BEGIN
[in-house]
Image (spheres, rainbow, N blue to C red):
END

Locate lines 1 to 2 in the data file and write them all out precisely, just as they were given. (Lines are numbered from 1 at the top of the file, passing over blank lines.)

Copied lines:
[in-house]
Image (spheres, rainbow, N blue to C red):